Early Orthodontic Treatment for Children
Evaluating your child around 7-8 years of age discovers orthodontic issues earlier and minimizes future complications. While most young patients will not need active treatment immediately, Dr. Reichard proactively monitors your child’s facial, jaw and tooth development to determine if, when and what type of future treatment is needed.
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Orthodontic Screening Is Optimal at Ages 7-8
The facial development of a 7-8 year old presents a great opportunity for Dr. Reichard to assess both current and future tooth and jaw relationships. Most children’s first permanent molars and permanent incisors are present by this age. Additionally, the second permanent molars (the “twelve-years”) are developing in the jaw.
If orthodontic issues are present earlier, Dr. Reichard recommends an evaluation as soon as possible instead of waiting until your child is 7-8 years old.
Signs Indicating Your Child May Need Orthodontic Care
Orthodontic problems at this age can be caused by a variety of factors, including inherited or congenital conditions, mouth or jaw injuries or repetitive oral habits like thumb-sucking.
If your child has any of the following, he or she would benefit from Dr. Reichard’s complimentary initial assessment:
- Thumb-sucking, particularly after the age of 5
- Missing teeth, especially when all other teeth have erupted
- Complaints of tooth or jaw discomfort
- Difficulty biting or chewing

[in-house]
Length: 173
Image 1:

- Mouth breathing
- Speech impediments
- Teeth appear too crowded
- Teeth appear with too much space in between them
- The middle of the upper and lower teeth are not aligned
- Teeth protrude away from each other
- When closing the jaw, top and bottom teeth do not come together
- Upper front teeth excessively overlap the lower front teeth
- Lower jaw sticks out and/or front teeth sit in front of upper front teeth
- Jaw shifts laterally or sideways when closing or opening mouth
- Early or late loss of baby teeth; children typically start losing baby teeth around five years and have all permanent teeth around 13 years
- Embarrassed or concerned about their smile
Phase One, or Interceptive, Treatment for Children
Rachel E Reichard Orthodontics may offer pediatric patients a two-phase treatment to straighten teeth and create a functional bite, while keeping in mind the facial changes that will occur during adolescent growth.
Phase 1Phase one treatment, also called interceptive treatment, is foundational. It prepares the teeth and jaw for normal dental development.
Most pediatric patients that undergo a phase one treatment will require phase two treatment.
Interceptive treatment is geared toward children around 7-10 years of age. While each child’s treatment plan is individually customized, a typical phase one treatment uses appliances like palatal expanders to create the proper room for permanent teeth to erupt. Typical phase one treatment length is 12 months.
Phase one treatment is followed by a resting period, during which natural growth and tooth eruption are closely monitored. Throughout the rest period, parents and patients will be kept informed of future treatment recommendations.
A Great Smile, Healthier Mouth and Better Self-Image for Your Child
Early treatment from Dr. Reichard corrects jaw growth, rectifies bite problems, straightens teeth and gives permanent teeth room to come in properly. As with many types of health-related problems, earlier identification and treatment of tooth and jaw issues prevents more costly and invasive future procedures if left untreated.
For example, jaw bones harden and stop growing as your child ends his or her teen years, prohibiting the correction of certain bite problems. This increases the likelihood of procedures such as tooth extraction or oral surgery to help correct orthodontic issues as adults.
However, some problems can arise much earlier than adulthood. For example, crowded teeth can be challenging for kids to brush and floss properly, increasing chances of childhood cavities or early stages of gum disease.